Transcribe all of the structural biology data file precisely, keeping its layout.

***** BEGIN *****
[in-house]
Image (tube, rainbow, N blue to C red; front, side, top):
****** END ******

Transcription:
[in-house]
Image (tube, rainbow, N blue to C red; front, side, top):